The decision by Chicago Police Superintendent Garry McCarthy last month to put small armies of officers working overtime in specific "hot zones" corresponds with a notable drop in homicides in the nation's third-largest city in February and March. But the latest "Violence Reduction Initiative" raises concerns about whether the policy is sustainable for the financially struggling city and whether it could further strain officers working long hours at a stressful and dangerous job.
If it continues, the tactic would cost millions of dollars each month—putting the one initiative on pace to exceed the department's entire overtime budget by fall.
Some Chicago officials even wonder if the decline in violence has less to do with the extra officers and more to do with colder weather compared to last winter, when a spike in murders generated national attention.
McCarthy is careful not to say the increased patrols directly caused the drop in a homicide rate that climbed past the 500 mark last year and spiked again in January higher than 40 for the first time in more than a decade.
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Aldermen who represent the worst afflicted neighborhoods are openly questioning whether the overtime effort will work. Some wonder whether the city can keep it going through the hotter summer months when gang violence tends to spike.
"I don't know if this is sustainable. What happens in May, June and July?" said Alderman Howard Brookins, Jr., who has grown increasingly critical of police efforts since the city suffered more than 40 homicides in January, including the slaying of a 15-year-old honor student about a mile from President Barack Obama's Chicago home.
McCarthy said he was pleased with the efforts of the 200 officers working nightly on overtime to patrol what police have identified as crime "hot zones." He said he hoped to expand it to 400 officers and 40 sergeants a day and members of the department say the number of officers working extra shifts is now approaching that number.
The city recorded 14 homicides last month, half the number from February 2012 and the lowest monthly total since the 12 homicides in January of 1957, McCarthy said. That trend has continued, with the number of homicides between Feb. 1 and March 19 totaling 23 compared to 57 for the same period last year.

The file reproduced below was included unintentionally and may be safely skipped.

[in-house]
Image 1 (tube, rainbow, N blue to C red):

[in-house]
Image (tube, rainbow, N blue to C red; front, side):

McCarthy said the overtime effort was patterned after what was done in New York with uniformed foot patrols when he was a high-ranking member of that city's police department. It is designed to deploy officers to specific spots where computer analysis shows a high percentage of the city's violent crimes have occurred in the last three years.
Just what all this is costing Chicago is unclear, since neither the police department nor City Hall has released the overtime tab. But Brookins said officers have told him they are earning $350 for every shift they work. That means that if 400 officers a night are working overtime, the tab for the city is just under $1 million a week. And that means that this single initiative could eat the equivalent of the department's entire $32 million overtime budget by the fall.
When asked about the figure, the police department didn't dispute it but declined to provide other numbers.
The NATO summit last year provides a glimpse at how much police overtime can add up. Officers earned an extra $14 million in overtime that weekend alone, though the federal government reimbursed it.
City officials believe it is worth whatever cost. Since the spike in murders, the city also has demolished dozens of abandoned buildings believed to be gang hangouts and signed a $1 million contract with a group that uses convicted felons to mediate gang conflicts. Although it has previously spent extra money on officer overtime, it was at a far lower scale than the current effort.
"Right now one of the biggest priorities is to change the appearance of the city of Chicago," said Alderman Willie Cochran, a former police officer. "We have to change the news stories."
Others express doubt that the overtime initiative is mainly responsible for success on the streets. Some officers quietly talk about the recent weeks of snow, rain and frigid temperatures, jokingly thanking "Officer Weather" for keeping people off the streets.
"I hope the number (of homicides) is real and not based on worse weather in February than we had in January," Brookins said. "If it is a real number, kudos to the superintendent."
McCarthy said the initiative makes sense both financially and tactically.
"It's cheaper to pay a cop overtime than to hire a fully loaded cop with health benefits," he said. "Second, we can do it right now; we don't have to hire somebody and wait" several months for the officers to be trained.
As to the idea of burning through his overtime budget far before the end of the year, McCarthy said Emanuel has assured him money will be there for him to protect the city.
"I have an overtime budget, but the mayor freed up other moneys to do this," he said.
The $32 million allotted for police overtime is $3 million more than was allotted for overtime the year before but more than $1.7 million less than what was spent in 2011. Emanuel has not spelled out where the money would come from if and when the department burns through its own overtime budget.
What it all is costing the officers themselves is also a question that's being asked, with some on the force quietly expressing concerns about officers burning themselves out before the summer.
"Working long hours takes a toll on one's body," said Mike Shields, the president of the Chicago Fraternal Order of Police, who has been calling on the city to hire more officers.
Brookins said many officers are signing up for as much overtime as they can.
"They're loving this," he said.